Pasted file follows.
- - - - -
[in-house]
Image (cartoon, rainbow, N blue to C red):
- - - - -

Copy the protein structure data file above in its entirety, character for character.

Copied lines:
[in-house]
Image (cartoon, rainbow, N blue to C red):